What is Peacemaking

 © 2001 Douglas E. Noll

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May 2001

Peacemaking is a complicated concept because peace can be defined in so many different ways. For our purposes, peacemaking is not a process of passive acceptance of mistreatment, a turning of the other cheek in the face of clear injustice or abuse, or other weak images of meekness or nonresistance. Instead, peacemaking is a vibrant, powerful concept. At its best, peacemaking creates relational and structural justice that allows for social and personal well being. This is an ideal objective, perhaps not attainable in all conflicts. Nevertheless, peacemaking implies the use of cooperative, constructive processes to resolve human conflicts, while restoring relationships. Peacemaking does not deny the essential need for adversary processes, but peacemaking places adversary processes into a larger perspective. Litigating disputes is not seen as a primary dispute resolution mechanism, but as a last-resort process.

When we speak of peace, we understand it in two ways. First, there is negative peace. Negative peace means the absence of violence, typically through coercion rather than cooperation. When Mom tells Sally to stop beating up on Sarah, she is imposing a negative peace in the household. Sally’s conflict with Sarah is not resolved, but merely suppressed. The concept of negative peace extends not only from our mundane example in the home, but also to international peace. International peace is said to exist during a cessation of violence and hostility. This form of peace is often imposed by U.N. peacekeepers. Again, peace is defined as an absence of war and is imposed coercively. Our law enforcement mechanisms, euphemistically called criminal justice, create another form of negative peace. The bad guys are taken off the street so that crimes are reduced. Thus, law enforcement officials are called "peace" officers even though they use extremely coercive and sometimes violent means to achieve their ends. Finally, the legal system perpetuates a form of negative peace. At best, the civil justice system renders a fair and impartial decision. However, the result is just a decision, not a resolution to or transformation of the conflict. Upon judgment, the legal conflict is finished and people are expected to get on with their lives. Generally speaking, however, the underlying causes of the conflict are left unresolved. How satisfied are a father and daughter after a judgment in favor of one or the other after a bitterly contested trial? So, the legal system does not provide for peace; it only provides for decisions.

The second way of understanding peace is as positive peace. Positive peace implies reconciliation and restoration through creative transformation of conflict. In positive peace, Mom sits Sally and Sarah down and invites them to exchange stories about what led to their fight. Mom and Sarah learn for the first time that Sally feels angry at the way Sarah ignores her. In five minutes, they work out a plan that allows Sally the safety and security to speak out about what she is feeling. Sarah promises to listen more carefully to Sally. Sally promises not to hit Sarah when she, Sally, becomes frustrated. The fighting has stopped, but more importantly the relationship has been reconciled and restored. In the process, Sally and Sarah have grown morally just a little. In the same way, a lawyer as peacemaker looks at conflict not just as an abstract, intellectual exercise in analysis and persuasion, but as an opportunity to help people reconcile. When reconciliation is not possible, separation and resolution is possible with a minimum of hostility and acrimony.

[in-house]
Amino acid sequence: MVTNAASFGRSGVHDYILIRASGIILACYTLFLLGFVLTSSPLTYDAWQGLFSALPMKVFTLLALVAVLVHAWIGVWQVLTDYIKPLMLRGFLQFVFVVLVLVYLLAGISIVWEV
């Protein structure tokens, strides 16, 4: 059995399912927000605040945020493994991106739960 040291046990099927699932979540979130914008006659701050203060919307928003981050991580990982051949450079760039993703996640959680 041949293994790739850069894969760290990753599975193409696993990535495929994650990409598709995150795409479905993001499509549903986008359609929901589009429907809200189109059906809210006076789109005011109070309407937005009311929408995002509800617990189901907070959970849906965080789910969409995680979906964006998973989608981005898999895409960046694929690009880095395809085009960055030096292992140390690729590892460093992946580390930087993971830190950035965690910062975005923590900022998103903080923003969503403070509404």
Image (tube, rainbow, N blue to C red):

So peacemaking concerns a deeper way of looking at conflicts than just winning or losing. It looks at conflicts as opportunities for people to grow, to accept responsibility for the relationships they are in, and for the potential of apology and forgiveness.

Idealistic? Not at all! Time after time, when people are placed in a safe and secure environment, they naturally seek out their capacity for goodness. Even the most cynical, hardened business people have recognized the importance of relationships when they are invited and allowed to do so. We don’t see this side of people often only because they are not given the space, safety and security to express their anger, their true concerns and their interests. Furthermore, they are not placed in a position where they can honestly listen and hear the perspectives of others. Perhaps the greatest difference between peacemaking and other forms of conflict resolution is that opportunities for exploitation are taken away. Once the fear of vulnerability is neutralized, people can aspire to their higher good and really find excellent solutions to their conflicts.

Douglas E. Noll, Esq. is a lawyer specializing in peacemaking and mediation of difficult and intractable conflicts throughout California. His firm, Douglas E. Noll and Associates is based in Central California. He may be reached through his website and email at

© 2001, Douglas E. Noll

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